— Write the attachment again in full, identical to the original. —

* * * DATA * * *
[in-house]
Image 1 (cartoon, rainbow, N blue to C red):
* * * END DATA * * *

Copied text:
[in-house]
Image 1 (cartoon, rainbow, N blue to C red):